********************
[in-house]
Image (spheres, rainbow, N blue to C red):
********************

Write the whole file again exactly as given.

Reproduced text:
[in-house]
Image (spheres, rainbow, N blue to C red):